The Triple Magic of HSA Accounts

Are you more likely to spend more on medical expenses at age 26 or 66? For most people the answer is simple, more is spent on healthcare in retirement years – and the data backs it up. A 2021 study shows that the 65+ population spent 3x the amount of the 19-34 age group, despite being a smaller share of the population.

Young, employed, healthy people should consider using the triple magic of a health savings account (HSA) to save and invest for this period in life – with a huge tax advantage.

(As with anything tax and health related – your specific situation may vary, and you should consult a tax accountant before making any tax related investment decisions.)

Quick refresher on what an HSA is:

·         A Health Savings Account (HSA) is a tax-advantaged savings account that helps save for medical expenses.

·       To open an HSA, you must have a high-deductible health plan (HDHP) at work. These plans have higher deductibles (minimum spends before the insurance plan kicks in) and lower premiums (what you pay monthly) compared to traditional health plans.

·       HSAs are owned by you, so the account remains yours through a job change. Money in HSAs roll over from year to year, allowing the balance to grow over time.

Ok cool, so what’s so different from this and a savings account? Let’s start with the triple tax magic.

  1. Pre-Tax contributions: You contribute directly from a payroll deduction, which means you pay less in taxes each paycheck.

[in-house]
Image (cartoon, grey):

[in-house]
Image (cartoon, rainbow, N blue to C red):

2. Tax-Free Growth: The funds in the HSA can grow tax-free. How? HSA providers allow you to invest funds over a certain minimum into a range of mutual funds, ETF’s, Bonds, etc. For example: I have every dollar over $1,000 automatically invested into a low-fee Vanguard mutual fund which has historically grown at 8% per year.
  3. Tax-Free Withdrawals: You get a debit card with the account, and qualified medical expenses are tax-free, no matter your age. There’s a whole list of things you can buy with HSA dollars.

That’s impressive enough, but It could get even better – your employer may contribute. Some employers (including mine) match a percentage of every dollar contributed. Literally free money. There are annual contribution limits set by the IRS – $4,150 in 2024.

Let’s do some quick math: A 30-year-old today contributing the current HSA max $4,150/year until retiring at 65 would contribute $124,500. Assuming an 8% return over that time, your account would be worth over $500k at retirement, all tax free!! An incredible way to save for a category of expense that is likely to greatly increase over time.

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